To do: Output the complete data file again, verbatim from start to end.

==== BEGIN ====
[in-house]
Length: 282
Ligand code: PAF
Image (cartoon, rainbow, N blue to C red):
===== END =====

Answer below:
[in-house]
Length: 282
Ligand code: PAF
Image (cartoon, rainbow, N blue to C red):